Copyright is held by the author.
THE LONG, THICK BULLETS beyond her reach are tauntingly exotic: dark brown-glossy-topped, the tawny sandwich and, best of all, the cream. Chocolate éclairs. Fourpence each.
Sayers is a foreign country with its navy blue wood frames and door, its vast clean plate-glass window. Her mother will not buy shop cakes. She bakes only Madeira, fruit cake or plain buns.
Maria is in Class 4 and scoots home from school on Monday. Fingers the 12 sides and satisfying grille-ridges of the threepenny bit — a whole week’s pocket money. She dawdles — that’s what her mum calls it, wasting time, idling, loitering, no worthwhile purpose — on the pavement, outside the shop. I love chocolate éclairs. I never have fourpence. I can’t buy one. Mrs Cahill, a neighbour from three doors up, steps into the street and scowls at Maria’s puffed cheeks and lips forcing out a breath.
Walking homewards, Maria takes no interest in the greengrocer’s, the chandler’s, or even the tins of bread at the baker’s: the familiar map of her daily journey back from school. Immediately before the corner, opposite the Carlton cinema, is Mr. Jenkinson’s sweet shop. Maria tolerates Mr. Jenkinson’s regular welcome — “Come to your second home again?” — a benevolent, secure memory in years ahead. Business-like, she chooses from farthing blackjacks, ha’penny stickelite,* tuppenny liquorice (or Spanish — her friend Joan says that it is different), sherbet lemon. Parma violets is what the girls buy, but today she buys a liquorice, leaving another penny for the forbidden gobstopper machine outside. She crams the illicit ball into one cheek, swollen like an acute abscess. Legs dangling on a garden wall in the street next to her own she lingers until it is the size of pea so that by the time she arrives home it will have disappeared. Her mother need never know.
Tuesday. Her friend Margaret from Class 3 lives on Victoria Avenue so they both walk, play hide-and-seek, then dash that route home together. They fix up swaps of Famous Five books before Margaret’s mum lets them have sandwiches on a tray in what they call the children’s room.
Cold drizzle on Wednesday. Maria dodges the large drops of rain from the high roof above the shop. The neatly stacked pile of a dozen chocolate éclairs ooze disdain for her now empty pocket.
Always, on the Sunday trip to her nana’s, a single chocolate éclair is served up on the stemmed glass plate brought in after the sandwiches. However ‘manners’ dictate that you cannot just grab the cake you want so, often, her cousins, or her aunt, or her older brother get the éclair as the cakes are passed round the table. The worst thing is when she is left with the cream cornet — paper dry, it clogs in your mouth. Once, though, the prize was hers: sugary brown icing hitting her palette first, cream slopping on to the plate leaving her with the pastry shell. She quickly mopped up what she could of the cream with a finger hoping no one was looking her way and held it in her mouth to savour the velvety lushness. Her uncle asked her whether she would like anything passing — another sandwich perhaps? Maria quickly swallowed — No thank you.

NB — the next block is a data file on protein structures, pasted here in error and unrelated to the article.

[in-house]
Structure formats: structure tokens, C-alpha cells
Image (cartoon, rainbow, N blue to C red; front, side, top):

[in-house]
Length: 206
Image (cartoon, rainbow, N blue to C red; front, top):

Thursday. Sick in the night. She stands on the lino shivering while the sheets are changed. Mum takes her temperature. In the morning no school, just tucked up in bed. Once in a while her mother comes upstairs and offers the Lucozade, in a glass left on the chest of drawers. In the afternoon she is allowed out of bed to put Judy in the cardboard box that mimics a bed, smooth the layer of cloth and suiting remnants that act as her blankets. On the rag rug she sits with legs slanted to one side. The coke fire shifts and rasps, and warms her back. Her deft fingers ensure the blankets do not cover Judy’s plastic face, blue, blue eyes, long lashes, and eyelids that open and close with a ‘click.’
Friday. Good Friday. It’s called that because the weather is always fine, Maria has decided. All morning she reads her Beano Annual. As an after-sickness temptation Mum has cooked pork sausage and beans for lunch. Maria eats it all, and the bowl of tinned oranges and thin creamy evap,* which follow.
After lunch, in clear warm sunshine, she joins the six other children in the street to play cricket. Both teams want her as batsman as she can be relied on to hit a six into someone’s garden. When there is no interest left in playing there is still time before tea so she tears round two street corners to Sayers. The dainty displays are no longer there. A large, sun-paled, beige blind is drawn behind the window. As if to confirm the truth, another blind covers the glass panel of the locked door. Her eyes burn but she stops the tears by pressing her back into the window and looking up towards the sunlit slate roofs opposite.
Saturday. Mum puts her boiled egg in the egg cup, and a buttered slice of toast on the side of the plate. It is a Saturday breakfast treat instead of cornflakes.
With her teaspoon Maria makes a ragged circular cut around the top, lays it upside down, scoops out the white and small orb of yolk. Raising it to her mouth she hears her mother say, “You’ll be nine tomorrow so you can have sixpence pocket money from now on.”
* Liverpool, England dialect words:
stickelite = stick of liquorice root
evap = evaporated milk from a tin